Megan Griffiths writes about this landmark clinical negligence case on pre-conception advice, where, this week, the High Court handed down judgment in favour of the Claimant on liability.
In 2001, the Claimant’s mother saw her GP (the Defendant), seeking advice on family planning, and she specifically asked about folic acid supplements. The Claimant, who was born with spina bifida, alleged that the Defendant negligently failed to advise her mother of the importance of those supplements, including the risk of spina bifida if not taken and the standard recommended dosage. The Defendant instead advised that, if the Claimant’s mother had a healthy diet, it wasn’t necessary. The Claimant was thereafter conceived. At a later midwifery appointment, her mother was advised to take folic acid, coinciding with anecdotal advice from her recently pregnant sister-in-law. Upon receiving that advice, the Claimant’s mother started taking supplements immediately. The Claimant was then born with spina bifida which was only diagnosable after birth.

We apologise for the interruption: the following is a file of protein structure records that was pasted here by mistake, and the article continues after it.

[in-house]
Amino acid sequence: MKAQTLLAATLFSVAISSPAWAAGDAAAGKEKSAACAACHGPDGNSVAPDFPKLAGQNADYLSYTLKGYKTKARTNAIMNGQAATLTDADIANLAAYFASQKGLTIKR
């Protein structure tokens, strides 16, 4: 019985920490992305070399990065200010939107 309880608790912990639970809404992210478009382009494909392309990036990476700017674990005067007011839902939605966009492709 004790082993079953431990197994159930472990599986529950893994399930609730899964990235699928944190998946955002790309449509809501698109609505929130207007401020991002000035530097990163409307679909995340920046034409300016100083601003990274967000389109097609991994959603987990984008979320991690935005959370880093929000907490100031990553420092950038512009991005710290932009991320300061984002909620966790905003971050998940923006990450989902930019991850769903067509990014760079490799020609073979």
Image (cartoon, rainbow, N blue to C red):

The Claimant’s case on causation was that, “but for” the alleged breach of duty, her mother would have taken supplements and waited before trying to conceive, and, that, on balance, the child then born would not have suffered from the Claimant’s condition.
The Defendant accepted that the duty to advise existed at the time, but he denied that there was a breach of that duty, relying on his note of “folate advised” in contemporaneous records and his standard practice at the time. He put the Claimant to proof on when she was conceived in relation to the appointment and on factual causation, i.e. the assertion that, “but for” the alleged negligence, her mother would have taken the supplements and waited to conceive.
The case has attracted publicity for two main reasons: Firstly, the Claimant’s profile as a para-showjumper, which is a credit to her ambition and successes to date, and, secondly, the trial of the preliminary issue in 2020, in which Lambert J found that the Claimant was entitled to bring her claim under the Congenital Disabilities (Civil Liability) Act 1976 (that entitlement having been challenged by the Defendant).